The Berlin Crisis
The Empire Club of Canada Addresses (Toronto, Canada), 19 Mar 1959, p. 274-283
Dewhurst, Brigadier Claude, Speaker
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Item Type
"The Berlin crisis cannot be considered in isolation. … It is, in fact one of the many boils—like Korea or Lebanon—attesting to the poor health of the world, arising out of East-West competition." Russia's world strategy and short-term objectives. The nature of Soviet policy. An analysis of the situation in Europe, particularly as regards Germany and Russia. Finding common ground with Russia: a reluctance to extend membership of the Atomic Club. The necessity for a dynamic and forward-thinking Western policy—"one that forces Russia to re-act for a change." A suggested fourfold policy.
Date of Original
19 Mar 1959
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Full Text
An Address by BRIGADIER CLAUDE DEWHURST, O.B.E. Author, Commentator and Intelligence Chief
Thursday, March 19, 1959
CHAIRMAN: The President, Lt.-Col. Bruce Legge.

LT. COL. LEGGE: This is a sad week for all Canadians because of the chilling suddenness of the untimely death of one of the Queen's chief Canadian Ministers, the Honourable Sidney Smith. Dr. Smith was for fifteen years an esteemed member of this Club, and only next Monday he was to have spoken to a special joint-meeting of the Canadian Club of Toronto and The Empire Club of Canada. As a mark of our respect, that meeting will be cancelled by both Clubs and no substitute speaker will be invited. I know that I speak for every member and friend of this Club when I say that all Canada has been bereaved by his passing. Until his death Sidney Smith laboured brilliantly to offer the world a wise and understanding foreign policy. Concerning the subject of his scheduled speech, he wrote to me on the third of March that, "The international scene has been changing so rapidly over the past few weeks that I am hesitant to commit myself to one particular emphasis or perspective now!" The site of the most rapid change was the divided island of Berlin where free men help their fettered brothers to escape from captivity at a miraculous rate, and our speaker today will deal with one of Dr. Smith's last problems, the Berlin crisis.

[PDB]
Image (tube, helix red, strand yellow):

Brigadier Claude Dewhurst is an expert in military intelligence and foreign affairs. He joined the Regular Army in Britain in the year 1929 and remained in the service until 1954. During that time he served in Intelligence and Diplomatic work in 47 countries and in the process learned to speak five languages. For two years he was the Chief of the British Mission to the Soviet Marshal in East Germany and from his wide knowledge he will offer us an analysis of the Berlin crisis. Claude Dewhurst is a remarkable commentator who has mastered the problems of communicating his ideas by writing several books such as "The Soviets: What's Their Line?" and "Close Contact", in which he accurately foretold events in Russia and which became a best seller in five languages. According to U.S. News and World Report, this is "The most challenging writing in its class yet encountered". In addition, he is a convincing and engaging speaker who has travelled everywhere giving speeches and appearing on television and radio networks in Britain, Canada, and the United States. Brigadier Dewhurst is, therefore, a fervently eloquent exponent and a serious, practising student of politics and war.